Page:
Monday, 29 August 2011

Blowing Bubbles

Well, for some of us the summer holidays are almost over. It's one week until the kids return to school here and the seven weeks they've had off has just flown by.I haven't done as much writing as I'd planned or would have liked to have, but that was my choice. And now that the Autumn term is about to start, I'm quite excited by the increase in my writing time this means. It's bad enough to stay motivated and hide in my office when my husband's on his days off from work, but it's nigh on impossible when our daughter is off school and she and her friends are charging around, shrieking 'Justin Beiber' at the top of their voices!  So getting back to some 'normality' will be refreshing (and I get to listen to Justin Beiber's CD all by myself - only joking <cough>)

As you might well know, I've been trying, recently, to broaden my horizons on the article writing front and pitch to magazines I haven't targeted before. It's a bit hit and miss - some editors have ignored me, some have said an outright no, and some have said pitch again in a few months. But I'm working on an article for the one editor that has said yes. It's been fun researching for it and has given me the impetus to keep pushing forward with article writing. A lot of the pitches and articles I'm doing now can also be used for the journalism course I'm still doing, so I'm hoping to kill two birds with one stone.

I'm a positive person, but , just like everyone else, I do have setbacks and it can be hard sometimes to see the point in carrying on with writing, especially when the media reports suggest that publishing is in decline and being affected by the recession. I had a recent experience that didn't help this mood either. I won't go into too much detail as I don't wish to dwell on it. But it involved an article I had accepted for publication a couple of years ago by a magazine. I hadn't heard anything despite my trying to contact the editor on several occasions. Anyway, I heard recently that the editor who had accepted my article had left and although the new editor was interested in it and some other ideas I'd pitched to them,  they weren't prepared to pay for it - when the ex-editor was!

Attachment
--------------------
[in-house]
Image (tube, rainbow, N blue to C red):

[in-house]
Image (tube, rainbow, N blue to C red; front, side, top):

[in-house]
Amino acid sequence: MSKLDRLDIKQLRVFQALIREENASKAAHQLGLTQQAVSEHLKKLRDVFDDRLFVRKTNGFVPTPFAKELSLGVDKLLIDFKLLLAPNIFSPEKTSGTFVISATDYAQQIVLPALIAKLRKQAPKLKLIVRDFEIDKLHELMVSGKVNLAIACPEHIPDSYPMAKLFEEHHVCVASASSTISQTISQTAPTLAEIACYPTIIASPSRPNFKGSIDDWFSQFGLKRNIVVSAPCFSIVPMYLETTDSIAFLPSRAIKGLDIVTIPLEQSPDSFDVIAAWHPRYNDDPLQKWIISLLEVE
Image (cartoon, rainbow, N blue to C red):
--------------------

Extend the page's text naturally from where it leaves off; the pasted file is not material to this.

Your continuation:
Yes, it's annoying and frustrating, but these things happen and it hasn't put me off pitching elsewhere. Better communication on the part of the outgoing editor might have helped here - I did try! I have written pieces for free before and I dare say I will again but I don't see why writers should forfeit payment to glossy magazines who have a cover price and get a large proportion of their income from plush advertising. Writing is a business, just as much as the magazines are.

We had a lively debate recently on Facebook about when, if ever, it was acceptable to write for free - and it obviously stirred up strong opinions and emotions on the subject ranging from those who were dead set against it and didn't take too kindly to those who did write for free, or who weren't prepared to haggle for a higher fee, to those who could see the value of writing for free - for them it wasn't always about the money.

I think that as writers we should be blowing as many  pitching bubbles as we can and see how far they float.  A lot of the time, yes, you might not get a reply from the editors you target, but sometimes you will. Editors will always need good copy for their magazines and why shouldn't it be you who provides that? The only question is whether the editors are prepared to pay for your copy or not,and if they are, how much? And what will your reaction be to the editors who like your ideas but aren't prepared to pay for them?

On this occasion I walked away as I know there are editors who are prepared to pay for my work. As a writer I supply a product, rather in the same way as a teacher provides their teaching skills to the school that employs them, or a nurse provides their skills to the hospital that employs them, or a plumber repairs a leak or fits a new bathroom for a customer. They expect to be paid for the work they do and so should writers  - you.

I do a lot of volunteer work for which I receive no monetary payment but the rewards I do get: sense of purpose, sense of giving something back to society and helping young people to achieve what they want from life are priceless. But writing is my main business and I have to make money from it to keep my business going. Everyone has to make money to survive in this society, so I see my volunteering and writing as two separate things.

There are only two occasions when I would consider writing for free: if it was for a non-profit making charity and all its fundraising goes towards the people it helps, or if I was running low on examples for my portfolio - and then it would only be for 'free' magazines or ones I know don't make high profits and honestly can't afford writer's fees. But we're all different, and I certainly wouldn't pass judgement on any writer who does or doesn't write for free.

So, don't be afraid to blow your pitching bubbles and see where they land - you have nothing to lose and you might just get your work in a new publication. Think about what you expect to gain from your writing too: pleasure, money, publication, or a combination of all three?

Happy writing

Julie xx

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